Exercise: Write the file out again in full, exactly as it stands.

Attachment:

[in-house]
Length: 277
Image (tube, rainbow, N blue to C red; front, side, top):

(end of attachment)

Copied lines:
[in-house]
Length: 277
Image (tube, rainbow, N blue to C red; front, side, top):